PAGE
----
61. photographybyjoylene says:

    Bee-utiful images! Congratulations on being Freshly Pressed!

  62. Aoife says:

    Awesome and incredibly thorough. Great photos!

  63. what a wonderland Donna- heartstopping images of your local scenery (lucky you!) and wildflowers but the carpeneter bees were among the most capitvating – and the bees that are literally throwing themselves at the Salvias

  64. Thank you to filmcamera999 for helping me resolve an issue with a photograph in question from a previous post. I have removed the thread describing the issue since the company involved did the honorable thing by being responsible and apologetic. I have been pleased that the owner personally handled this. All is well in photo land.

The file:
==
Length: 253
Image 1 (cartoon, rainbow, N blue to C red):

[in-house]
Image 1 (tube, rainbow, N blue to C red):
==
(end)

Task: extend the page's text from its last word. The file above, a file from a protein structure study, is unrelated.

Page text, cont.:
65. I am looking at these on my lunch break and I felt I was along for the stroll with you. I love flowers of any kind especially wildflowers. Thanks for sharing. You Matter! Smiles, Nancy

  66. GaiaBird says:

    What a fantastic post. I’ll be sure to follow you from now on! 🙂

  67. Reblogged this on Buffalo (NY) Heritage and commented:
    The mightly Niagara produces more than just energy.

  68. Thanks for the walk in some beautiful nature.